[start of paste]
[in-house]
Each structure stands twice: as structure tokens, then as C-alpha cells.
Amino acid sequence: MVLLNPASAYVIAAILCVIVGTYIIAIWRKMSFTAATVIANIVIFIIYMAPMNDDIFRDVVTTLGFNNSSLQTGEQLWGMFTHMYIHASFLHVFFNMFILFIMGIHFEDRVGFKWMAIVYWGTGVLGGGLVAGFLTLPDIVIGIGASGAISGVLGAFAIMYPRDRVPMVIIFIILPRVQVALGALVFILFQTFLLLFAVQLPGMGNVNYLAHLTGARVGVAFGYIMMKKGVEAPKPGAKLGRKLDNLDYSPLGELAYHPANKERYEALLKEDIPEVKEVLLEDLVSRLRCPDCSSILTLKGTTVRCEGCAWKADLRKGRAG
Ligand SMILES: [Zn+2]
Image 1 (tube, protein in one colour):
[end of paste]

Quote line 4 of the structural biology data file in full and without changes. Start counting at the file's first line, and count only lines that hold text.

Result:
Ligand SMILES: [Zn+2]